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Dollar Little Changed Ahead Of Election Results

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The dollar is turning in a mixed performance against its major rivals Tuesday afternoon, but remains little changed overall. Traders appear reluctant to make any major moves ahead of the results of the midterm elections. The results will decide control of both the House and Senate and could have a major impact on President Donald Trump's ability to enact his pro-business agenda.

The Federal Reserve will also release its policy decision on Thursday. The central bank is widely expected to leave interest rates unchanged, traders will keep a close eye on the accompanying statement for clues about an expected rate hike in December.

The dollar dropped to a low of $1.1437 against the Euro Tuesday, but has since rebounded to around $1.1410.

Eurozone's private sector expanded at the weakest pace in over two years in October as both manufacturing and services recorded slower rates of growth, latest survey data from IHS Markit showed on Tuesday.

The composite Purchasing Managers' Index, or PMI, fell to 53.1 from September's 54.1. The reading was the lowest since September 2016. The flash reading for the composite PMI was 52.7.

Eurozone's producer price inflation accelerated for a fifth straight month in September, preliminary data from Eurostat showed on Tuesday. Producer prices grew 4.5 percent year-on-year following a 4.3 percent increase in August, which was revised from 4.2 percent. Economists had forecast a 4.3 percent rise.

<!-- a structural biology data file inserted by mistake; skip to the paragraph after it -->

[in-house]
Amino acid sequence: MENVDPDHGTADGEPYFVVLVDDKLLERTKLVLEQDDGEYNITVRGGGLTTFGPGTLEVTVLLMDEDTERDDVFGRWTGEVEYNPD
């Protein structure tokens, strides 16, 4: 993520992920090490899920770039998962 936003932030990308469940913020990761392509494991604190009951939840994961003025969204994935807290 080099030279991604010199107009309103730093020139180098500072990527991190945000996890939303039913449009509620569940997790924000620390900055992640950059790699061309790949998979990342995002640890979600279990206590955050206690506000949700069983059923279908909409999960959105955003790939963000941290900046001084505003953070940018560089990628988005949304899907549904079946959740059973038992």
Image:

Germany's services sector expanded more-than-expected at in October, albeit at a slowest pace in three months, survey data from IHS Markit showed on Tuesday. The services Purchasing Managers Index, or PMI, fell to 54.7 in October from September's eight-month high of 55.9. The latest reading was the lowest since July, but was above the flash estimate of 53.6.

Germany's factory orders unexpectedly grew for a second straight month in September, led by domestic demand, suggesting improvement in the economic momentum ahead.

Manufacturing new orders rose a price, calendar and seasonally adjusted 0.3 percent month-on-month in September, following a 2.5 percent growth in August, which was revised from 2 percent, preliminary data from the Federal Statistical Office showed on Tuesday. Economists had forecast a 0.5 percent decline.

The buck has fallen to a 2-week low of $1.3090 against the pound sterling Tuesday afternoon, from an early high of $1.3020.

The greenback has risen to nearly a 1-month high of Y113.485 against the Japanese Yen this afternoon, from an early low of Y113.10.

The average of household spending in Japan was down 1.6 percent on year in September, the Ministry of Internal Affairs and Communications said on Tuesday, coming in at 271,273 yen. That was well shy of expectations for an increase of 1.5 percent and down sharply from the 2.8 percent gain in August.

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